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Jasmine Toguchi #1

Jasmine Toguchi, Mochi Queen

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Eight-year-old Jasmine Toguchi is a flamingo fan, tree climber, and top-notch mess-maker!

She's also tired of her big sister, Sophie, always getting to do things first. For once, Jasmine wishes SHE could do something before Sophie--something special, something different. The New Year approaches, and as the Toguchi family gathers in Los Angeles to celebrate, Jasmine is jealous that her sister gets to help roll mochi balls by hand with the women. Her mom says that Jasmine is still too young to join in, so she hatches a plan to help the men pound the mochi rice instead. Surely her sister has never done THAT before.

But pounding mochi is traditionally reserved for boys. And the mochi hammer is heavier than it looks. Can Jasmine build her case and her mochi-making muscles in time for New Year's Day?

160 pages, Hardcover

First published July 10, 2017

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About the author

Debbi Michiko Florence

31 books171 followers
Author of the middle grade books: KEEP IT TOGETHER KEIKO CARTER and JUST BE COOL, JENNA SAKAI, SWEET AND SOUR, and the upcoming THIS IS HOW I ROLL (January 2023/Scholastic). KEEP IT TOGETHER KEIKO CARTER is a Junior Library Guild Gold Standard Selection, a New England Book Award finalist, and a Project LIT 2020-21 Book Club selection. Kirkus Reviews gave JUST BE COOL JENNA SAKAI (an Amazon Editor's Choice Pick) a starred review and says it is "...complex as is delightful."

Also the author of the chapter book series Jasmine Toguchi about a spunky Japanese American 8yo girl. Four new Jasmine Toguchi books coming in '22 - '23! First up, BRAVE EXPLORER (10/18/22)! Available now: Jasmine Toguchi, Mochi Queen; Jasmine Toguchi, Super Sleuth; Jasmine Toguchi, Drummer Girl; and Jasmine Toguchi, Flamingo Keeper (FSG/207 and 2018). Jasmine Toguchi Mochi Queen was a Junior Library Guild selection, Amazon’s Best Children’s Books of 2017, a Bank Street 2018 Best Children’s Books of the Year, on the 2018 Amelia Bloomer List, and on The Cooperative Children’s Book Center (CCBC) 2018 Choices List (Best of the Year). Jasmine Toguchi Drummer Girl is a 2019 Cybils Award winner, a Maryland Blue Crab Young Reader Award winner, a Junior Library Guild selection, on the CCBC 2019 Choices List, and on the Chicago Public Library’s Best Of list.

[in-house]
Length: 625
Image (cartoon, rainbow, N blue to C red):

Co-wrote the picture book biography NIKI NAKAYAMA: A CHEF'S TALE IN 13 BITES with Jamie Michalak, art by Yuko Jones. This book received a starred review from Publisher's Weekly and Booklist.

A third generation Japanese American, a native Californian, and former classroom teacher and zoo educator. For more information, please see author's website.

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5 stars
359 (36%)
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440 (45%)
3 stars
157 (16%)
2 stars
16 (1%)
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5 (<1%)
Displaying 1 - 30 of 219 reviews
Profile Image for Janete on hiatus due health issues.
654 reviews262 followers
December 24, 2022
4,5 stars. SYNOPSIS: "The first book in a new chapter book series featuring a spunky Japanese-American heroine! Eight-year-old Jasmine Toguchi is a flamingo fan, tree climber, and top-notch mess-maker!